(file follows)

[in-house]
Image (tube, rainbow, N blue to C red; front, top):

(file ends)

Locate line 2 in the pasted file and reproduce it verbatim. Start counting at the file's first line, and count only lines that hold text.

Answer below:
Image (tube, rainbow, N blue to C red; front, top):